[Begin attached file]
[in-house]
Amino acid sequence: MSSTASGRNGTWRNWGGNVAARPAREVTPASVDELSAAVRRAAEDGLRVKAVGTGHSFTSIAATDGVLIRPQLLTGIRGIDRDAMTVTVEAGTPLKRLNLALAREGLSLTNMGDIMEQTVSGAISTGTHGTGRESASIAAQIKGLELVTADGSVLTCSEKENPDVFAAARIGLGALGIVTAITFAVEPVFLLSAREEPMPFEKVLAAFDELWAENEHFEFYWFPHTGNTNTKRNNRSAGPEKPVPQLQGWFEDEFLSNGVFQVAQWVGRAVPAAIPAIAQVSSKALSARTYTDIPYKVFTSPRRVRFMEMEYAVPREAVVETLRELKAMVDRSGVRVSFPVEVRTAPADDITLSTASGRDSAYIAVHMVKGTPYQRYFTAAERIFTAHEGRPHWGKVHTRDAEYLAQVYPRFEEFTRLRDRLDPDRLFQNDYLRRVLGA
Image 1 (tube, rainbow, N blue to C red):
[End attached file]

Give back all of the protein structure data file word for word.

[in-house]
Amino acid sequence: MSSTASGRNGTWRNWGGNVAARPAREVTPASVDELSAAVRRAAEDGLRVKAVGTGHSFTSIAATDGVLIRPQLLTGIRGIDRDAMTVTVEAGTPLKRLNLALAREGLSLTNMGDIMEQTVSGAISTGTHGTGRESASIAAQIKGLELVTADGSVLTCSEKENPDVFAAARIGLGALGIVTAITFAVEPVFLLSAREEPMPFEKVLAAFDELWAENEHFEFYWFPHTGNTNTKRNNRSAGPEKPVPQLQGWFEDEFLSNGVFQVAQWVGRAVPAAIPAIAQVSSKALSARTYTDIPYKVFTSPRRVRFMEMEYAVPREAVVETLRELKAMVDRSGVRVSFPVEVRTAPADDITLSTASGRDSAYIAVHMVKGTPYQRYFTAAERIFTAHEGRPHWGKVHTRDAEYLAQVYPRFEEFTRLRDRLDPDRLFQNDYLRRVLGA
Image 1 (tube, rainbow, N blue to C red):